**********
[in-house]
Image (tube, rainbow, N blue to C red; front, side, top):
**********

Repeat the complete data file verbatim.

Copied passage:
[in-house]
Image (tube, rainbow, N blue to C red; front, side, top):